Posts Tagged ‘David Weingold’

An Introduction to Mohs Micrographic Surgery, by Dr. David Weingold

October 24, 2012

Developed nearly a century ago, Mohs micrographic surgery remains one of the most effective treatments for several forms of skin cancer. The procedure removes the cancerous skin layer by layer. With each layer, the practitioner examines the tissue under a microscope, continuing the procedure until the tissue appears free of cancer. This technique ensures the complete removal of cancer, which minimizes the chances of it growing back. In addition, it requires the removal of very little healthy tissue, resulting in a better cosmetic outcome, considering the practitioner generally repairs the site of tissue removal the same day as the procedure. Whereas other methods rely on estimates of the amount of tissue affected by cancer, Mohs micrographic surgery ensures the excision of the entire cancerous region without excess loss of healthy skin.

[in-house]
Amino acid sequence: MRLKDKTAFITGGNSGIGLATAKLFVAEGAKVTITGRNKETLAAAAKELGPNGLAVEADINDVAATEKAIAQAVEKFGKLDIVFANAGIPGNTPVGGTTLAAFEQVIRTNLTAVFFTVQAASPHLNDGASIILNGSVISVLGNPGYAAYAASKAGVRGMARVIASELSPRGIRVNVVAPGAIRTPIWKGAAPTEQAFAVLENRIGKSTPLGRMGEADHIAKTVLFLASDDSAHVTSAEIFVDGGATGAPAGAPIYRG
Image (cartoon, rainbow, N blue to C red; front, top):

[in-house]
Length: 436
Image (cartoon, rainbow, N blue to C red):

About the Author:
Dr. David Weingold diagnoses and treats a full range of skin conditions, including cancers. A graduate of the Yale Medical School, Dr. David Weingold completed a residency in dermatology at Duke Medical Center.


Dr. David Weingold on Skin Cancer Screening and Self-Examination

August 1, 2012

As a dermatologist in Jonesboro, Arkansas, Dr. David Weingold frequently treats patients with skin cancer. Because early detection of skin cancers can significantly affect one’s prognosis, Dr. Weingold recommends that his patients actively pursue regular skin cancer screenings throughout their lives. Along with annual physician-directed skin examinations, Dr. Weingold recommends performing monthly self-examinations, as well.

When performing self-examination, it is important to note changes in existing spots as soon as they appear. Creating a “mole map” of your body is a good way to keep track of any spots you have on your skin. With your map in hand, you can then examine yourself in a well-lighted room, using a full-length mirror as well as a hand-held mirror, in order to observe every inch of your skin, including under your nails, on your scalp, and behind your ears. If you notice any changes, consult with a doctor right away.